Nestling in the beautiful Ezulwini Valley in Swaziland, St. Mary’s High School educates over 500 students. The majority are from “child-headed” families, in which one or more children have taken over as the head of their household and fend for themselves without any adults to look after them. In view of its tight budget for acquiring technology, the school was looking for an affordable and efficient solution to provide internet access and PCs to its students. With the NComputing X-series solution, St. Mary’s 500+ pupils now enjoy an up-to-date computer lab that bears comparison with schools in industrialised countries.
The spread of HIV and AIDS has taken its toll on the population of Swaziland, and orphans run as many as one in ten households. In a “child-headed” household, students often have to drop out of school to work, worrying more about where their next meal is coming from than their academic future.
Faced with these challenges, school administrators in Swaziland have made the task of motivating pupils to stay at school a top priority by providing access to new technology and different ways of learning.
Deliver affordable access to computing technology to the 500+ students at St. Mary’s High School, many of whom are from “child-headed” families.
Implement the NComputing X-series solution to create a 49-user computer lab that is accessible to all.
Access to a computer lab with capabilities that rival those found in any affluent school.
Global Innovative Systems i-Schools Initiative implemented the solution. The i-Schools Initiative is bridging the digital divide in Swaziland’s educational system.[/callout]
“We’ve always been at the forefront of educating our pupils in all manner of educational and life skills, and opening up the world of technology to them to help them create a better life for themselves and their families is a key part of that mix”, explained Mr Malindzisa, Principal of St. Mary’s High School. “Although our pupils face challenges in their home life, they are all keen to further their education and see what the world has to offer, if not physically, then at least through the internet”, he added.
The school had a few donated computers available for the students, but the ongoing cost of maintaining them resulted in unsustainable budget cuts elsewhere in the school. “With such a tight budget, we had to look at a long-term, affordable solution that would give us the maximum number of seats to provide the pupils with the tools and education they need to give their families a head start”, added Mr. Malindzisa.
Technology for the 21st century
With budget constraints and ongoing maintenance to take into consideration, Global Innovative Systems recommended that the school run a pilot of the NComputing X-series solution. NComputing virtual desktops enable schools to share the excess power of each PC with up to eleven students, dramatically lowering PC acquisition costs.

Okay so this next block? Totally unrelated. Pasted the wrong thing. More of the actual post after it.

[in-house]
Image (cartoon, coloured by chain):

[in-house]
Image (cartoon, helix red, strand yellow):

The NComputing solution works because today’s PCs are so powerful that the vast majority of applications only use a small fraction of the computer’s capacity. NComputing’s hardware and vSpace™ virtualisation software taps into this unused capacity so that it can be simultaneously shared by multiple pupils. The virtualisation software works with standard Windows and Linux PCs, and each pupil’s monitor, keyboard, and mouse connect to the shared PC through a small and highly reliable access device. The device itself has no CPU, memory, or moving parts, so it’s easy to deploy and maintain. By spreading out the cost of the shared computer, schools can provide up to five times the number of seats for the same money.
In the longer term, most PCs are disposed of after three to five years, and when that PC is discarded, about ten kilograms of e-waste ends up in a landfill. NComputing access devices weigh just 150 grams and last up to ten years, so there’s much less waste that finds its way to a landfill site.
The school chose the NComputing X-series, which gets its power through the network cable, reducing the need to install extra electrical sockets and cutting their electricity bills instantly. The school deployed a 49-seat computer lab with just seven PCs and NComputing.
The possibilities are endless
The NComputing solution gives the pupils and teachers a new computing experience that could compete with schools in any industrialised country. “The whole school and community are so excited by the implementation of the solution. The pilot period was extremely useful to us, as we saw how easy the system was to install and maintain. We not only made cost savings in the initial set up, but also on an ongoing basis, which means that we can continue to extend the computer lab. With the help of Global Innovation Systems and NComputing, we are well on the way to providing our children with the technical skills and know-how that will rival all of the schools in the wider area”, concluded Mr. Malindzisa.